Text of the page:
Adenovirus-mediated gene transfer to human cerebral arteries

Vini G. Khurana, Leslie A. Smith, Deborah A. Weiler, Margaret J. Springett, Joseph E. Parisi, Fredric B. Meyer, W. Richard Marsh, Timothy O'Brien, Zvonimir S. Katusic

Research output: Contribution to journalArticlepeer-review

24 Scopus citations


Gene therapy is being investigated as a putative treatment option for cardiovascular diseases, including cerebral vasospasm. Because there is presently no information regarding gene transfer to human cerebral arteries, the principal objective of this study was to characterize adenovirus-mediated expression and function of recombinant endothelial nitric oxide synthase (eNOS) gene in human pial arteries. Pial arteries (outer diameter 500 to 1000 μm) were isolated from 30 patients undergoing temporal lobectomy for intractable seizures and were studied using histologic staining, histochemistry, electron microscopy, and isometric force recording. Gene transfer experiments were performed ex vivo using adenoviral vectors encoding genes for bovine eNOS (AdCMVeNOS) and Escherichia coli β-galactosidase (AdCMVLacZ). In transduced arteries, studied 24 hours after exposure to vectors, expression of recombinant β-galactosidase and eNOS was detected by histochemistry, localizing mainly to the adventitia (n = 4). Immunoelectron microscopy localized recombinant eNOS in adventitial fibroblasts. During contractions to U46619, bradykinin-induced relaxations were significantly augmented in AdCMVeNOS-transduced rings compared with control and AdCMVLacZ-transduced rings (P < 0.01; n = 6). The NOS inhibitor L-nitroarginine methylester (L-NAME) caused significantly greater contraction in AdCMVeNOS-transduced rings (P < 0.001; n = 4) and inhibited bradykinin-induced relaxations in control and transduced rings (P < 0.001; n = 6). The current findings suggest that in AdCMVeNOS-transduced human pial arteries, expression of recombinant eNOS occurs mainly in adventitial fibroblasts where it augments relaxations to NO-dependent agonists such as bradykinin. Findings from the current study might be beneficial in future clinical applications of gene therapy for the treatment or prevention of cerebral vasospasm.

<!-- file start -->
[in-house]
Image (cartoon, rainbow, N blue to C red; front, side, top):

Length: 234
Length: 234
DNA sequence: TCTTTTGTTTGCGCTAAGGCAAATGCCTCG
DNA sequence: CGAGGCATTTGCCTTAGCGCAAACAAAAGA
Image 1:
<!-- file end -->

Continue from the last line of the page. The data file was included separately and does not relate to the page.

Original languageEnglish (US)
Pages (from-to)1360-1371
Number of pages12
JournalJournal of Cerebral Blood Flow and Metabolism
Issue number9
StatePublished - 2000


  • Adenovirus
  • Cerebral vasospasm
  • Gene therapy
  • Human pial artery
  • Nitric oxide

ASJC Scopus subject areas

  • Neurology
  • Clinical Neurology
  • Cardiology and Cardiovascular Medicine


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